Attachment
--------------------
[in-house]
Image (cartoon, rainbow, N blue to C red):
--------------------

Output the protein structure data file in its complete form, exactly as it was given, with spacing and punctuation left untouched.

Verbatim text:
[in-house]
Image (cartoon, rainbow, N blue to C red):